“And ghosts,” Pixie murmured.
“And ghosts. Do I get a hat?”
“You do. You receive all that and more when you’re a fully-fledged member.” Morag smiled; a blush washed over her cheeks as she caught Jessica’s eye and hastily turned away.
“And all you have to do to become a fully-fledged member,” Pixie said. “Is survive one night alone in the Forgotten Hollow Forest. Does Wednesday work for you?”
Seth gazed out of the oversized window, over the tangled mass of concrete and blinking lights that he just could not find appeal in, up at the rapidly darkening sky. After three centuries of guiding his existence by the changing light, he knew it was about two hours later than they had agreed to leave.
It brought to mind a question that men had been asking since time immemorial; why did women always take so long to get ready?
He’d spent the majority of the day perusing the stores, and minds, of assistants who would never recall him, obtaining everything he and his mutable miscreation desired. At first reticent to accept his offerings, she’d quickly shrugged off her sham empathy for those from which he would take, caring only about her own dreams. Without her friends, without their worried glances and hesitations that she’d mimicked to fit into a society she loathed, Faith’s true colours readily bled to the surface.
It never ceased to bemuse Seth, the murky depths of human nature. How low the average person could sink – with very little persuasion – if they were even slightly detached from the ones suffering. How they could all justify the most heinous acts committed in their stead by simply turning a blind eye—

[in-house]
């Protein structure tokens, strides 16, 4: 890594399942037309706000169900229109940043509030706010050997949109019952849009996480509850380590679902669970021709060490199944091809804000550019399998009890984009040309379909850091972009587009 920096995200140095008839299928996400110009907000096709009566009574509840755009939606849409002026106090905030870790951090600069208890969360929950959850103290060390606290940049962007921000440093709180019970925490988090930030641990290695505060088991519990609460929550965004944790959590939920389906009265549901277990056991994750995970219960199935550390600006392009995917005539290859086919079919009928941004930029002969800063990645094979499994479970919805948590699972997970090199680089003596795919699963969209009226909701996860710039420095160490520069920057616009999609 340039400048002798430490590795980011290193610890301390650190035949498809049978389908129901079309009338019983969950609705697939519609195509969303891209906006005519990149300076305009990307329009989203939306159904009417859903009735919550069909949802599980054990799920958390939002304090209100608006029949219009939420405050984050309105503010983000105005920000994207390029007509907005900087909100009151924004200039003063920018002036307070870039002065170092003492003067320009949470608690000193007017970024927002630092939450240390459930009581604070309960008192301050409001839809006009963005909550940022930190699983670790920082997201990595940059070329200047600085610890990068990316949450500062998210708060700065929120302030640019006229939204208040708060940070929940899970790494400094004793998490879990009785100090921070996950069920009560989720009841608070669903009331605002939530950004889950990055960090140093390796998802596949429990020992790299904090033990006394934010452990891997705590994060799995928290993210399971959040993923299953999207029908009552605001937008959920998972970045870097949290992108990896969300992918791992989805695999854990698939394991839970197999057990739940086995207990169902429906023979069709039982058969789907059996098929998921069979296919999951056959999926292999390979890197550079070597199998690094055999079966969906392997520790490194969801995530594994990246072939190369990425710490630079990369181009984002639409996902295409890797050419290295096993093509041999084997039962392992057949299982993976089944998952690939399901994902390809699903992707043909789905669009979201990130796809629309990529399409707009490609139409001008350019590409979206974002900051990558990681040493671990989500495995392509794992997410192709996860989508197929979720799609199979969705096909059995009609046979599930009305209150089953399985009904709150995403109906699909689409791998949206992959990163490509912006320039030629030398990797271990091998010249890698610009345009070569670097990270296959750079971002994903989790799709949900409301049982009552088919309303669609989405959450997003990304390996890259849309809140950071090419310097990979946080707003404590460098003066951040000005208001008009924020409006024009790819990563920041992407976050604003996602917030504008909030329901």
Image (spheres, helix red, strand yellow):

Not all of us.
“What if I wring his neck; will that ease your conscience?”
“No, Seth. That will make it worse.”
Seth faltered; this sudden memory of Angeline fluttering, unsettled, inside him. For a man previously so in control, so stringent and strict with his thoughts, these new, impromptu snippets were both bothersome and disconcerting.
She would hate what you’d become.
“She’s dead,” he muttered.
“I prefer undead.” The click of her heels on the slate tile had announced Faith’s presence before her words did. “You look good.”
Ah, an inadvertent invitation, asking him to reciprocate this comment. Because of course she wouldn’t ask him directly to turn around and tell her how she looked. She feared it; his judgement. She still could not believe that she was allowed to be herself; that someone seemed willing to accept her for the complicated calamity that she was.
Maybe because she knew it was a farce. Maybe she could see right through him.
Seth steeled himself against the urge to face her, to reassure her as he sensed her unease growing with every second of his silence. He had to keep her at a simmer, always fretting, always unsure, but always interested enough to stay. However, since his little episode the other night, doing so was exponentially harder than before. Hurting her to get what he needed was pricking a conscience long buried.
This nineteen-year-old, clueless new vampire – who was slowly messing up everything in his carefully constructed existence with her grey eyes, potty mouth and the dangerous unknown of her power – was breathing life into parts of him that he thought had died with Lilith. He was developing a fondness and it had to be quashed.
Or you could try embracing it?
Oh, yes, because that had gone so bloody well in the past.
“Aren’t you going to—“
“I look like every ‘bad bloke’ in SimLit,” he snarled, cutting off her question. “I look ridiculous.”
Faith hummed as if she was agreeing. “Only from the waist up. Your ass looks amazing.”
A smile began to creep on to his face and of its own volition, his body began to turn to her, like a flower seeking the sun. “If these jeans were any tighter, my bollocks would be permanent residents in my— oh.”